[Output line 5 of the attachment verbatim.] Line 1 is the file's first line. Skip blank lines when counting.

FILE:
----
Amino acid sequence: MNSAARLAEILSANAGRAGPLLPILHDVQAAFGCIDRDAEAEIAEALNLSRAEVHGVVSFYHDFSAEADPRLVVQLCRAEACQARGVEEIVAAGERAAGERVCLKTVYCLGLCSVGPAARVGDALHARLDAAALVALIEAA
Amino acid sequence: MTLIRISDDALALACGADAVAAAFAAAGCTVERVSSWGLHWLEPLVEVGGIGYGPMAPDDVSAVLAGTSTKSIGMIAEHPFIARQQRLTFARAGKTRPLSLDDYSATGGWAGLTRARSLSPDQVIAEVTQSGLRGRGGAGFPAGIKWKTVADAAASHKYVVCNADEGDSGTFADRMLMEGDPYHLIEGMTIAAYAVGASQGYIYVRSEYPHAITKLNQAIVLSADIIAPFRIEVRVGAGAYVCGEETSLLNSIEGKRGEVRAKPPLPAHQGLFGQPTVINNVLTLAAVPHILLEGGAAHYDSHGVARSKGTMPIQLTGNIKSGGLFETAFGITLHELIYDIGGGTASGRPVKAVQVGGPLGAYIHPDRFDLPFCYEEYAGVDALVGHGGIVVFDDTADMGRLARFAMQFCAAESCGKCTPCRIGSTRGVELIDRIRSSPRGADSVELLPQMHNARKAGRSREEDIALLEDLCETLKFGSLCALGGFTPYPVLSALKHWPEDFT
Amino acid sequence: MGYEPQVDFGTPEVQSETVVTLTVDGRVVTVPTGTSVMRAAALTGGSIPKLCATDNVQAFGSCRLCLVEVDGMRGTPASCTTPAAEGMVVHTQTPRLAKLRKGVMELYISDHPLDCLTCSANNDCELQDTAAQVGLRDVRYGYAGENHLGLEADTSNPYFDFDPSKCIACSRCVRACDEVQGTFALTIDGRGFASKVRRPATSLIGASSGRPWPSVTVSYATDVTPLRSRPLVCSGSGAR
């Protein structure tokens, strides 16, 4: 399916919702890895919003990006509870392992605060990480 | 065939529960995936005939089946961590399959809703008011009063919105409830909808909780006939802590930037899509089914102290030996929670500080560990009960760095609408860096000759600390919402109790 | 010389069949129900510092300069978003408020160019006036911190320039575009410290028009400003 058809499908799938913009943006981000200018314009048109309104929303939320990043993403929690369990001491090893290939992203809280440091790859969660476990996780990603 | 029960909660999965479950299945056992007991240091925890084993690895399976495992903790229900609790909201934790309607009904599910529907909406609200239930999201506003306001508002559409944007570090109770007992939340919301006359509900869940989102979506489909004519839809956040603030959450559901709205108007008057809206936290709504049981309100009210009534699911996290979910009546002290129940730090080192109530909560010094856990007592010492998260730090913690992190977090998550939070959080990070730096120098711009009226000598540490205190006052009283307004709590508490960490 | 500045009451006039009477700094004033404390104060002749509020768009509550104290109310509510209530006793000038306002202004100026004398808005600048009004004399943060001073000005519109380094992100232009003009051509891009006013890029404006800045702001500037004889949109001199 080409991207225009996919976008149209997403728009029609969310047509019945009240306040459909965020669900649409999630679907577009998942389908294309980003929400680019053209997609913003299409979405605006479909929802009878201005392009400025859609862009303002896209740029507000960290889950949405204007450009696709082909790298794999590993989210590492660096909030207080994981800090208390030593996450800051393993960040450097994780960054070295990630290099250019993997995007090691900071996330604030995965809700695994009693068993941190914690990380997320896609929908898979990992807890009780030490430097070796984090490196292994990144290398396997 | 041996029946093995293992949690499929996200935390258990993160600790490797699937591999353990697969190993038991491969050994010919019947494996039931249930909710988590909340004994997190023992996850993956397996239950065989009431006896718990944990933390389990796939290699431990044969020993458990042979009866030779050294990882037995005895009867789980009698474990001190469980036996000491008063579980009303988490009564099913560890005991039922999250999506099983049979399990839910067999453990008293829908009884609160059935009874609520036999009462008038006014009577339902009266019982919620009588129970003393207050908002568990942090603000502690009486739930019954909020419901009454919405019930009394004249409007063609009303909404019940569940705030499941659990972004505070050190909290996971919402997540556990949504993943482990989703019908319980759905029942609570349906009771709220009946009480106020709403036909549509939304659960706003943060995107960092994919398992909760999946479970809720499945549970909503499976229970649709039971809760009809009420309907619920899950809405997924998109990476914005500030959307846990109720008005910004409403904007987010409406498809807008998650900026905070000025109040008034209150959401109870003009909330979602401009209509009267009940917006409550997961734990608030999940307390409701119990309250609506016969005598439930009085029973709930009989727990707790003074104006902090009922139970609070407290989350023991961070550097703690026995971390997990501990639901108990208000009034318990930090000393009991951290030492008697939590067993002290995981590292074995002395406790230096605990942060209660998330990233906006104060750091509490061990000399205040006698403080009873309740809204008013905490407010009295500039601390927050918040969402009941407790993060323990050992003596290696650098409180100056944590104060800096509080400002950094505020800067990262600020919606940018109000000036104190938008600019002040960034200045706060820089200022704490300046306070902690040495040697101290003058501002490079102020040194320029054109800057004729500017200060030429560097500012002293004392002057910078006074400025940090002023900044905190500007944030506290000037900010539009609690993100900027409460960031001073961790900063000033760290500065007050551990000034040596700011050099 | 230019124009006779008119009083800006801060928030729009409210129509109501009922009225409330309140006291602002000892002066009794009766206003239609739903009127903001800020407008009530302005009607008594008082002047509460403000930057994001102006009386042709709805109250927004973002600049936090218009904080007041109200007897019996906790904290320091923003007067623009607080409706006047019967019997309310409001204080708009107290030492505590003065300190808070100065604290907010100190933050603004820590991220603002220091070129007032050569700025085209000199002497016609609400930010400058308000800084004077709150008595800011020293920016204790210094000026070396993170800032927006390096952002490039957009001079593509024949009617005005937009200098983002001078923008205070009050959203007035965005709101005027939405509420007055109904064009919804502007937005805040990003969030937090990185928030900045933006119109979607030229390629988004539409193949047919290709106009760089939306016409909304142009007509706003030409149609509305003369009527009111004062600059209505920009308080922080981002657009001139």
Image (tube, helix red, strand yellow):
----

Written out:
Image (tube, helix red, strand yellow):